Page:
For someone at the helm of an organization that has just undergone one of the most tumultuous years in its history, BLANE DODDS is remarkably upbeat.
The countless challenges raised by the ongoing coronavirus pandemic have been faced by every sport in the world, and Tennis Scotland is no different. But Dodds and his team managed to take a lot of positives from the situation out of the ashes.
“Incredibly, we’ve managed to achieve growth in attendance during this time. We’re up six percent,” he says.
We were planning the policies really early, so we managed to push through with golf, and we were the first sports to be released from the lockout, which really helped. People really wanted to go out and play sports again-you can only walk and run so much. So it was really enticing to meet people and play tennis, and I think that was a major reason behind the tremendous growth w
It was a very tough time, but I am very pleased with the way tennis reacted and came out of it.
The figures for growth are all very promising, but Dodds knows he should not rest on his laurels.
As a result of Covid, Tennis Scotland has lost about a quarter of its expected sales this year and he admits that survival was his first thought when the full effect of the pandemic became evident. In that regard, the governing body seems to be out of the woods, but there is still a lot of tennis work to be done in this region. The LTA, and Tennis Scotland by extension, have long been criticised for failing to capitalize on the boost the Murray brothers have offered the sport, and time is running out to make the most of their position at the top of tennis with both Andy and Jamie well into their 30s.
Dodds is well aware of the ticking clock and he is now optimistic that things are going in the right direction after two and a half years in his present post, during which time the membership of the club has doubled. A £ 12 million funding arrangement with the LTA was awarded to Tennis Scotland earlier this year, with Dodds giving priority to increasing the number of tennis courts throughout the country and the number of coaches in Scotland.
Progress on equipment has also been made, with a new £ 1.24 million indoor facility opening a few weeks ago in Elgin and new coaching positions about to open. However, Dodds knows that with limited resources, with Tennis Scotland currently working with just 12 workers, he will have to use all his skills to campaign for more rises in funding.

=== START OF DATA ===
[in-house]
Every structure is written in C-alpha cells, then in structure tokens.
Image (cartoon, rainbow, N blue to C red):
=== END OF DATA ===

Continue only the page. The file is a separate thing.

“When I took this job, I really wanted to get the ambition going again. So we had to put a plan in place and tie it to the demand for more resources. With more resources comes the ability to hire the right people,” he says.
We also need to build coaching jobs, and we need to create more jobs to ensure that development continues if we want to see more kids playing soccer.
“And we also want to show ambition with coaches from abroad, like with our National Academy Head Coach Leo Azevedo, who has worked with former world number one Juan Carlos Ferrero, because the knowledge that someone like him brings is so important.”
Scotland has been among the best players in the world for more than a decade, with Andy Murray, but Scotland could use more young players to make their mark on the world stage with the former Wimbledon champion set to retire.
With the University of Stirling hosting one of the success centers of the LTA, there is a chance for local players to carve a path into the professional ranks, while Dodds admits that we shouldn’t hold our breath for Murray anytime soon.
“No one can just go and create the next Andy Murray – someone like him has magic dust sprinkled on him; you can do everything right, but you still need that special quality to get to the top of the world like he did,” Dodds says.
“What’s been great about the Murrays is that everyone has seen what’s possible, and that you can be world class even if you’re from Scotland.”